Do customers flood you with support calls when your service is down? Or is it more or less quiet?
If it’s the latter, you have a problem. Because then all indications are that your product doesn’t really mean much to your customers; they can easily do without it. Maybe they don’t even realize it’s not there anymore.
If on the other hand it’s the first, congratulations. Not on having issues but in having created something important enough for customers to register when it’s not there anymore and even complain about.
It is probably one of the best indications that you have achieved Product-Market Fit.
Of course you can’t rest on the laurels when you’re in a situation, where you product is not performing as it should. But while your struggling to get it back up and working again at least take some comfort from the fact that you have achieved something:
You have created something that matters to someone outside your immediate circle of family and friends.
The world is such a complex place with a gazillion moving parts that you cannot ever claim that you have got things under control.
Because how things turn out will per definition be outside of your control and sometimes for the most odd reasons.
This makes your job as the one who has to get things moving, get customers, secure sales and drive the business forward super, super hard.
Much harder than actually building the thing, which is a much more controllable process based on having the necessary skills and experience.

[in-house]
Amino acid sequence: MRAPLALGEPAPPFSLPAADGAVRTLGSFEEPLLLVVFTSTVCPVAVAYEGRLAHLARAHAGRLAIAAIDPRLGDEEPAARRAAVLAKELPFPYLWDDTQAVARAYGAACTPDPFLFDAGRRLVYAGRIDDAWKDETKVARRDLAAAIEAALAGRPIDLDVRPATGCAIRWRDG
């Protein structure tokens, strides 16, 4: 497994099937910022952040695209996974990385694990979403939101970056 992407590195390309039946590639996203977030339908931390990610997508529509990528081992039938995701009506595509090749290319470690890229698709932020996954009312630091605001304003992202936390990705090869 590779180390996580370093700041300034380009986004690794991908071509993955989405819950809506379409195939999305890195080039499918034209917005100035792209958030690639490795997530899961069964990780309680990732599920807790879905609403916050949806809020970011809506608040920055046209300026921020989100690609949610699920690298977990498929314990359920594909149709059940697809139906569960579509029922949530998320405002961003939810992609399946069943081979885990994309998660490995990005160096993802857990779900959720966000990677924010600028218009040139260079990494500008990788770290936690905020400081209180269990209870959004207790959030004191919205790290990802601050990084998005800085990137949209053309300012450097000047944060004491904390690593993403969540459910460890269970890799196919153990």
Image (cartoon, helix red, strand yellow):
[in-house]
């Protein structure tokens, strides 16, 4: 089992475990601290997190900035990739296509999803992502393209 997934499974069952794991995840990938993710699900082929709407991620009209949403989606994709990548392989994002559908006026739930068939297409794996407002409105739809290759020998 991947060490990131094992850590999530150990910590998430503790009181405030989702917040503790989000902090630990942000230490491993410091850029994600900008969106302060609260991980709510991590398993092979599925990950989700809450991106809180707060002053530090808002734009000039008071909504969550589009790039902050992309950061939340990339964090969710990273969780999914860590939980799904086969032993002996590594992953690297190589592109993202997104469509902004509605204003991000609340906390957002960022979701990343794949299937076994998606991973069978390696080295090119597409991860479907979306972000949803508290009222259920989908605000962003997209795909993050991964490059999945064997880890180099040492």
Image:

So in the absence of control out there, what can you ‘control’?
What you put in.
Quick example: If you know that making one sale happen takes about 10 meetings with different leads, you can totally control that you get those 10 meetings set up, and that you get there on time and pitch the living **** out of it.
Same with partnerships, recruitment and everything else; put the required effort in and your chance for success vastly increases.
But don’t just do a lot of random stuff. Have an approach, a system of some sorts, based on always learning and adapting. Refine your approach. Plan ahead. Think it through – but don’t overthink it.
No matter what people might say having a well thought through plan and approach and spending the time on improving it over time will serve you well.
Combine that with putting in the effort, and you might get where you aspire to go.
One of the latest, ‘News by the ton’, about the challenges of legacy media has an enlightened graph based on Google Trends that shows that over time, internet searches has moved from looking for ‘cheaper’ towards increasingly looking for ‘better’.
It is significant in more ways than one.
On a banal level it shows precisely why traditional advertising as a model is f*****. The value of the message of ‘Get it with 20% off over here’ is just fast eroding and is close to zero. Traditional advertising has reached junk bond status.
On a more strategic level it shows that gunning for ‘better’ is more inline with the expectations and needs of your customers than gunning for ‘cheaper’.
Of course there will always be scavengers looking for a bargain, but as long as you deliver value above and beyond what you charge, you’re in a fundamentally good place.
And more importantly you’re in a more sustainable place business wise. Because you made the commitment towards being ‘better’ and always push for that – and not just prostitute yourself on the cheap.
Easter is upon us (if you subscribe to that religious belief) and with that also the hunt for Easter eggs.